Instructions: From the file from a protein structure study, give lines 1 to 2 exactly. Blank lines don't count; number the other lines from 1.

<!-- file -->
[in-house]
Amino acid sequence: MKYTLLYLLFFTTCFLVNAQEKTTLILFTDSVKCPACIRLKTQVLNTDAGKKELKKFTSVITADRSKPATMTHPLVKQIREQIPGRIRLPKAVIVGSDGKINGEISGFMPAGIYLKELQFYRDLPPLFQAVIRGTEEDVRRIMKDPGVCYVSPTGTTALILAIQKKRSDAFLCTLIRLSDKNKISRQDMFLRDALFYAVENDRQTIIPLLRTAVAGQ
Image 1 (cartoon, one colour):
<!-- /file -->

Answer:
[in-house]
Amino acid sequence: MKYTLLYLLFFTTCFLVNAQEKTTLILFTDSVKCPACIRLKTQVLNTDAGKKELKKFTSVITADRSKPATMTHPLVKQIREQIPGRIRLPKAVIVGSDGKINGEISGFMPAGIYLKELQFYRDLPPLFQAVIRGTEEDVRRIMKDPGVCYVSPTGTTALILAIQKKRSDAFLCTLIRLSDKNKISRQDMFLRDALFYAVENDRQTIIPLLRTAVAGQ